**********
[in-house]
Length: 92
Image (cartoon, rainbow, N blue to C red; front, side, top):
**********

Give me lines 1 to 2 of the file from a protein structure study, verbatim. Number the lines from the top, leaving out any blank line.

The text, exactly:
[in-house]
Length: 92